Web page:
High school and college seniors are mourning major milestones: Here's how to help them navigate a tough time

The pandemic has changed so many aspects of everyday life for countless people and put so much on hold. The graduating class of 2020 has especially been feeling the pinch of not having the ability to celebrate traditions that they may have dreamt about for as long as they can remember. It also may be hard for parents to figure out how to provide support during these uncertain times.

Dr. Jen Hartstein, Yahoo Life Mental Health Contributor and practicing psychologist, says there are ways for parents of teens and young adults to help them deal with the loss they may be feeling right now.

“We can’t change it, we can’t make it better, we just have to allow them to experience the feelings of disappointment and sadness and be there as they’re processing it and remind them that although in this moment, everything is awful, things will get better down the road. But allow them this moment,” she advises.

Hartstein also adds that though parents may not feel like the loss of these experiences are the end of the world, the teen may see it that way and that is OK.

“This is something they have worked towards their whole life,” she says. “They’ve heard this romantic version of what prom is, they’ve been waiting for graduation, these are huge milestones that you may have experienced and you recognize that it’s just a blip on the screen, but for your 17 or 18-year-old, this is a major moment. Don’t minimize it for them, allow them to experience the depth of their emotion, be there to support them and help them work through it.”

She adds that one of the most important things you can do for your loved one is validating their feelings.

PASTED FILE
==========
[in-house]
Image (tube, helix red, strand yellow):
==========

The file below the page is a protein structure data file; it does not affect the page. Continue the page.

“Some things you can say to your teenager as they’re really struggling with this time, is ‘I’m really sorry this is happening, I’m here for you, this really sucks,’” Hartstein says.

Though the feelings of loss can bring on sadness, anxiety and disappointment, which are normal, Hartstein notes that it is important to recognize when to be concerned. She says a change in behavior over a 2-4 week period, including a lack of motivation, can be signs of something more.

“Trust your gut that something more is going on. Ask your teen or young adult how they’re doing, don’t be afraid to broach the subject and if you need to reach out for help, do that,” she advises.

Another way parents can support their graduates during quarantine is to find creative ways to celebrate. Viral videos have popped up across the internet, showing that countless people have been trying to make the best out of a bad situation.

“A lot of celebrities are getting on this. They’re creating virtual proms where they’re inviting other celebrities or they’re creating virtual graduations for the whole country so that we’re getting access to people maybe we never had before,” Hartstein says. “Some schools are creating situations where they’re setting up timed arrivals where you can get a picture crossing the stage in your cap and gown, and your parents can witness that. So everybody has to put their thinking caps on and be creative so that we can create new memories and interesting memories, and we don’t feel like we’re missing out on these milestones and that our teens feel fulfilled in that too.”

Video produced by Todd Garrin

For the latest coronavirus news and updates, follow along at https://news.yahoo.com/coronavirus. According to experts, people over 60 and those who are immunocompromised continue to be the most at risk. If you have questions, please reference the CDC’s and WHO’s resource guides. 

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